Pennsylvania DEP to Sunoco: Your pipelines are showing |

Pennsylvania DEP to Sunoco: Your pipelines are showing

Stephen Huba
Tribune-Review File

The state Department of Environmental Protection is ordering Sunoco Pipeline LP to cover up portions of its pipeline network that have become exposed over time.

The order follows the discovery of an exposed pipeline in June by the state Public Utility Commission, which then requested that Sunoco report any additional exposed pipelines to DEP and PUC.

In total, portions of Sunoco’s pipeline network located throughout the state are exposed at 43 locations, DEP said. Forty-two are used for transporting refined petroleum products, and one is used for transporting natural gas liquids. None are located at ongoing construction areas.

DEP spokeswoman Elizabeth Rementer said the locations cannot be disclosed for security reasons.

Of the 43 locations, 10 do not require a permit because of their location, 14 are undergoing or about to undergo remediation, 10 are awaiting permit approval from DEP and nine still require the submission of permit applications, DEP said.

Energy Transfer spokeswoman Lisa Coleman said DEP’s order “took us by surprise” because “we have been working cooperatively with the DEP to address these areas.” Sunoco Pipeline is a subsidiary of Energy Transfer.

Coleman said it’s not unusual for pipelines to become exposed during the normal course of operations — a point acknowledged by DEP Secretary Patrick McDonnell in a statement.

“Pipelines can become exposed over time due to erosion in stream channels or due to their position in the ground, since many were constructed before there were standards on how deep they should be buried,” McDonnell said. “These identified pipelines are now exposed to weather, flooding and vandalism, which can result in a failure of the pipeline and subsequent impacts to our waterways, so it’s critical that Sunoco addresses them immediately.”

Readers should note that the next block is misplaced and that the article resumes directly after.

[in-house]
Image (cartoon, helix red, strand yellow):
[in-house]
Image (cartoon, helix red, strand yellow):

According to the order, Sunoco has 30 days to apply for all needed permits on remaining sites. Once permits and approvals are obtained, Sunoco will have 60 days to bury all exposed pipelines to the appropriate amount of cover and then “fully stabilize and restore the site,” DEP said.

Stephen Huba is a Tribune-Review staff writer. You can contact Stephen at 724-850-1280, [email protected] or via Twitter .

Categories: News | Pennsylvania
TribLIVE commenting policy

You are solely responsible for your comments and by using you agree to our Terms of Service.

We moderate comments. Our goal is to provide substantive commentary for a general readership. By screening submissions, we provide a space where readers can share intelligent and informed commentary that enhances the quality of our news and information.

While most comments will be posted if they are on-topic and not abusive, moderating decisions are subjective. We will make them as carefully and consistently as we can. Because of the volume of reader comments, we cannot review individual moderation decisions with readers.

We value thoughtful comments representing a range of views that make their point quickly and politely. We make an effort to protect discussions from repeated comments either by the same reader or different readers

We follow the same standards for taste as the daily newspaper. A few things we won't tolerate: personal attacks, obscenity, vulgarity, profanity (including expletives and letters followed by dashes), commercial promotion, impersonations, incoherence, proselytizing and SHOUTING. Don't include URLs to Web sites.

We do not edit comments. They are either approved or deleted. We reserve the right to edit a comment that is quoted or excerpted in an article. In this case, we may fix spelling and punctuation.

We welcome strong opinions and criticism of our work, but we don't want comments to become bogged down with discussions of our policies and we will moderate accordingly.

We appreciate it when readers and people quoted in articles or blog posts point out errors of fact or emphasis and will investigate all assertions. But these suggestions should be sent via e-mail. To avoid distracting other readers, we won't publish comments that suggest a correction. Instead, corrections will be made in a blog post or in an article.